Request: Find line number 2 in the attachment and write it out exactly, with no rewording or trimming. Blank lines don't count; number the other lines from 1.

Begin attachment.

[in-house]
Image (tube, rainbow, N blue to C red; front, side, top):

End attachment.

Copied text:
Image (tube, rainbow, N blue to C red; front, side, top):